2. Most of the time the consults are warranted. Unfortunately I can only recall the few ER visits where the ER docs goofed. E.g. - consulting the service I was on for a possible GI bleed but no one had bothered to do a rectal. Or the consult for a possible SBO and after 6 hours of sitting in the ER the patient did not have an NG tube...
3. ER docs typically know less about subspecialties so they might look "dumb". We forget that the whole reason that they are consulting a service is because they aren't sure about something and they want our opinion/service.
4. ER docs might get defensive when a consulted physician makes a dig at them. It's natural, but it only adds fuel to the fire.
I agree with the above poster that if you go in to ER, you better just be prepared to take some bashing. Personally, I never engage in ER bashing. It's unprofessional, and adds nothing to patient care. And it's not like the ER is the only place mistakes are made...
04-15-2003, 09:20 PM
Anyways, enough pity-parties about EM:
Back to the original question...3 friends of mine interviewed at UMKC for EM last fall and the overall report of the program is as follows:
1. Amazingly arrogant interviewers
2. Exceedingly poor facilities
3. Considerably more hours than other programs (but UMKC is a 3-yr program)
4. Good training in terms of volume and pathology.
5. None of the 3 ranked the program above #10.
Hope this helps.
04-16-2003, 09:23 PM
UMKC/Truman Medical Center doesn't dominate the Kansas City health care scene like many large, county hospitals. For example, Parkland, Charity, Grady, etc are all huge hospitals that are "the place to go" in their city. They are well respected, major trauma centers that dominate the market. UMKC is one of three level 1 trauma centers in KC, along with several level 2 trauma centers, and KC has only 1 1/2 million people. Compare that to New Orleans - only Charity Hosp for 1 1/2 million, Parkland is one of two Level 1's in Dallas (for 4 million people, and it dominates the market) and you'll see why Truman/UMKC isn't dominant in KC. Plus, KU Med Center is by far the more respected of the 2 medical centers in Kansas City and that's the hospital where the locals go for their tertiary care. Truman is a busier inner city hospital, but again, compare it to others around the country like Charity, Parkland, Grady, Cook County, etc and it doesn't even come close.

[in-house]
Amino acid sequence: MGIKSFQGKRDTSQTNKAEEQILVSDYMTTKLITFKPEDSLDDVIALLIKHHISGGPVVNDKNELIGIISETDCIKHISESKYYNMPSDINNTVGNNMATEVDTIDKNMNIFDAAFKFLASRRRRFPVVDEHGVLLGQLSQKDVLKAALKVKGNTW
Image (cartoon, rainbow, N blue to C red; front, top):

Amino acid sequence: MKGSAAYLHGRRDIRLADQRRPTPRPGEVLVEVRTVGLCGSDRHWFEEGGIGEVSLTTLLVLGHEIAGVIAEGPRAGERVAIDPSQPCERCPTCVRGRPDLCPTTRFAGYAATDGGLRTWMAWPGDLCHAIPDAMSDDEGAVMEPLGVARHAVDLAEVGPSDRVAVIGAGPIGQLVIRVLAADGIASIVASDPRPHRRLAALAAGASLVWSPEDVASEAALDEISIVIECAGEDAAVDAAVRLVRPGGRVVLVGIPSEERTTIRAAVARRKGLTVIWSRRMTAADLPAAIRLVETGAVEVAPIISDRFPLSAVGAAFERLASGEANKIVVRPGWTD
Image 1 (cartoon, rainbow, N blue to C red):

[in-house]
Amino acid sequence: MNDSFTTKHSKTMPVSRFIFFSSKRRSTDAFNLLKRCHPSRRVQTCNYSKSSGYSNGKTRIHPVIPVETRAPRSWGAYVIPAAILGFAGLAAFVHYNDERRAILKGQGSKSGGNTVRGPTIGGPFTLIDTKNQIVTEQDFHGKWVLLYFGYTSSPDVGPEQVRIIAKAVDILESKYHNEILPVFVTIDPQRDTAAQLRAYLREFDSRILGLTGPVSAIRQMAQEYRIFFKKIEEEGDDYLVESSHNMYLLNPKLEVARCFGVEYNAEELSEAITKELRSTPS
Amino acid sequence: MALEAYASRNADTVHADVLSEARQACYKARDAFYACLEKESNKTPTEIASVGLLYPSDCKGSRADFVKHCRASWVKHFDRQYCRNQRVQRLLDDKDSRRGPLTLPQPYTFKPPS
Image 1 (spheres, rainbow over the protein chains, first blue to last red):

04-17-2003, 09:15 AM
As a medical student I witnessed service bashing by some attendings and residents, and I vowed I'd never do that. Hopefully we all went into medicine with the goal of providing the best care possible to our patients. In order to do this I believe we must effectively work and communicate with our colleagues.
When selecting an institution for my residency I considered the other training programs at the institution and the strength of other departments. Considerations in this were how these departments/ programs affected my educational opportunities and my ability to provide quality patient care.
The institution I am at has a strong EM program. Unfortunately like all programs at all institutions it does have a few residents who seem to miss the mark; perhaps they are procedurally inept, lacking a sufficient fund of knowledge, or unprofessional in their dealing with colleagues and patients. In general they are a strong group of physicians and I think we recognize that we all have a role in providing quality patient care.
In closing I'd like to address the following post by DocWagner
"I have seen it time and time again, a first or second year EM resident running a code on the floor AHEAD of the 3rd year IM resident. Or helping IM doing LP's or starting EJ lines or putting in a chest tube... let the fleas talk and mentally masturbate for 20 minutes over what dose of lasix is appropriate for the patient with decompensated heart failure...that is what they do best."
Obviously I can not comment on the strengths and weaknesses of the IM and EM residencies at your institution as I am not there (and from the way you describe the situation I am glad of that). I can tell you that in our system our IM residents are competent with procedures. (I and some of my colleagues have gotten LPs that the EM resident and ED staff were unsuccessful with, we put in our own lines (albeit more true central lines than EJs--something I actually learned how to do from an ED nurse as a medical student. It's come in handy at times) and chest tubes. In our system the EM residents rotate on a ward team as interns (and they do not run codes!) when they do their PICU and ICU months as upper levels they may run codes if there is not an upper level resident from the medicine or pediatrics program present. At our institution the EM residents learn a lot on their offservice months and we learn a lot from them. However none of us approach the month determined to prove and flaunt our superiority. We all strive to provide quality patient care. Perhaps that is why it works here? Hmmm.
Perhaps the IM residents at your institution really are as you describe, or perhaps you are retaliating against the abuse you receive (or perceive) from other departments. Does your attitude affect your dealings with them? Does that detract from patient care? I suppose only you can answer those questions.